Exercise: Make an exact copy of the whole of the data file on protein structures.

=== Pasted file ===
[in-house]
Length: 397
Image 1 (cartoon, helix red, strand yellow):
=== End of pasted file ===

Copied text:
[in-house]
Length: 397
Image 1 (cartoon, helix red, strand yellow):